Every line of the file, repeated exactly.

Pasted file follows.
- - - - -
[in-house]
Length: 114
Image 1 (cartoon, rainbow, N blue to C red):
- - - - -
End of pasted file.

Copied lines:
[in-house]
Length: 114
Image 1 (cartoon, rainbow, N blue to C red):